Whether Oscar Frontrunners or Underdogs, 11 Movies Offer Some of 2015’s Best Scenes

Was 2015 good for movies? Ask again in 20 years, and we’ll see what holds up. But at this point, if you judge a year by memorable movie moments, 2015 is looking pretty terrif.

In a separate story, several Variety staffers have singled out their favorite scenes. Personally, I have a bunch. They include the Detroit concert in “Straight Outta Compton”; the dream-like images in “Mad Max: Fury Road” of men swaying on poles as cars race through the wasteland; Johnny Depp’s quiet menace when he goes upstairs to visit Julianne Nicholson in “Black Mass”; and the last five minutes of “Carol.”

Those films are all mentioned frequently in the awards game. However, there are other films  — both Oscar front-runners and long-shots — that offer unforgettable moments.

“Spy”: Jason Statham confronting Melissa McCarthy in her hotel room.
The movie, written and directed by Paul Feig, is filled with funny performances, but Statham steals the show with his intense, deadpan fury. Statham has been a charismatic and talented actor since 1998, but who knew he was so great at comedy?

“Sherpa”: Phurba Tashi Sherpa’s wife talking about his work.
The documentary, directed by Jennifer Peedom, is excellent, but thanks to stiff competition, it didn’t even make Oscar’s shortlist of feature docus. However, it’s hard to come up with a scene this year that was more intimate and moving than Karma Doma Sherpa talking about her family, culture and her concerns over her husband.

“45 Years”: Tom Courtenay’s monologue.
Charlotte Rampling has been the center of awards attention for this film, which she deserves. But Courtenay is also wonderful, with a monologue near the end of the film that is funny, sweet and touching. Andrew Haigh’s writing is expert, and so is the performance.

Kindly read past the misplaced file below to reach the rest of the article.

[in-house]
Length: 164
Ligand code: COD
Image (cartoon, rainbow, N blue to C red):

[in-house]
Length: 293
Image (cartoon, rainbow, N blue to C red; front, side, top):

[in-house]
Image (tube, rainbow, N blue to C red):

Shaun the Sheep Movie”: the restaurant scene.
In the Aardman Animation stop-motion film, a group of sheep venture into the city to find their farmer, who has amnesia and has become a celebrity hairdresser. In one of the many comic highlights, the sheep disguise themselves as humans and go into a restaurant. Does this description make sense? Of course not, but that’s the loopy fun of the movie, written and directed by Richard Starzak and Mark Burton.

“Furious 7”: the finale.
The film features high-octane stunts, including cars that parachute into the mountains, and later jump from one Abu Dhabi high-rise to another. But the real highlight is a montage at the end that bids farewell to the late Paul Walker. It could have seemed exploitative or sentimental, but it’s just right.

The Walk”: the walk itself.
Can a 30-minute sequence be described as a scene? If so, the wire-walking section near the end of the film is bravura. If you have to pick out one moment, it’s the bird flying near him, which virtually guarantees a heart attack for the audience.

“Mr. Holmes”: the meeting in the park.
Bill Condon offers many terrific moments in the film, but a key scene occurs in the park, as Sherlock Holmes (Ian McKellen) meets up with the mystery woman Ann (Hattie Morahan). It’s like an acting class from top pros.

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